What Is an Orphan Block?

In terms of cryptocurrencies, orphan blocks, sometimes referred to as stale blocks, are blocks that are not accepted into the blockchain network due to a time lag in the reporting of the block in question (compared to a qualifying block) to the network of miners.

Orphan blocks are technically valid and verified blocks but have been rejected by the chain. They are also called detached blocks as they exist in isolation from the blockchain.

Key Takeaways

  • An orphan block is a block that has been solved within the blockchain network but was not accepted due to a lag within the network itself.
  • There can be two miners who solve for a block simultaneously. The miner who has a more detailed proof-of-work sheet is the one who is awarded the block's reward.
  • There is no reward for solving a block which is then determined to be an orphan block.

Understanding an Orphan Block

A blockchain consists of a series of blocks, which act as data storage units to store details of the various transactions occurring on the blockchain network. During the standard mining process, miners attempt to generate new blocks by solving the complex mathematical equations necessary for the blockchain network to function.

The first miner who is successful in finding a new block is entitled to the block reward and writes the first transaction on the new block they found. In order for the blockchain network to continue to function, the newly found block gets added as the new 'unit' on the blockchain.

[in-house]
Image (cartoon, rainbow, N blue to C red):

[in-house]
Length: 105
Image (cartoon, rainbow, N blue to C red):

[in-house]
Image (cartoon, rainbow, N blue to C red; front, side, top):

However, it is possible that two miners produce a block at a similar time. This situation occurs because the acceptance of the blocks into the blockchain by the nodes of the blockchain network does not happen instantaneously.

This time lag in accepting a block may lead to another miner solving for the same exact block. It leads to a temporary mix-up on the blockchain network, as the nodes try to decide which block of the two newly identified blocks it wants to accept.

In such a situation, the block with the larger share of proof of work (PoW) gets accepted into the blockchain. The other block, with a smaller proof of work, is discarded from getting added to the blockchain and is termed an orphan block. Such blocks are essentially valid and verified blocks, but due to the network’s working mechanism and the lag time leading to delayed acceptance, one of the blocks is rejected, or orphaned.

Another way an orphaned block is created is when a hacker with sufficient hashing power attempts to reverse a few transactions that occurred earlier in the blockchain network.

Orphan blocks are most commonly linked to the popular Bitcoin cryptocurrency network. In the case of a valid transaction existing on an orphan block, it is added to the next valid block accepted on the blockchain.

Uncle blocks, which appear on Ethereum-based blockchains, are similar to Bitcoin orphans but have an integrated use, unlike their Bitcoin counterparts, which are rejected outright.

Special Considerations: Orphan Block Rewards

Although it may seem like the blockchain miner responsible for producing an orphan block should be compensated for their time and energy, they, in fact, receive no reward for solving the block and producing an orphan block.

There are many miners who find this practice unfair since they are not compensated in any way for producing exceptional work that is only not accepted because there was a lag in the blockchain acceptance network.